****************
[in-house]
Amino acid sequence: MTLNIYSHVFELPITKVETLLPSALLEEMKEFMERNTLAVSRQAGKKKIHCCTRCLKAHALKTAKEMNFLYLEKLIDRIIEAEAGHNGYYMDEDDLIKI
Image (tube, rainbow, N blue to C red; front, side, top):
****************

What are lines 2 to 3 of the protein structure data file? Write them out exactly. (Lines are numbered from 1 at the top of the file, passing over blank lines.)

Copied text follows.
Amino acid sequence: MTLNIYSHVFELPITKVETLLPSALLEEMKEFMERNTLAVSRQAGKKKIHCCTRCLKAHALKTAKEMNFLYLEKLIDRIIEAEAGHNGYYMDEDDLIKI
Image (tube, rainbow, N blue to C red; front, side, top):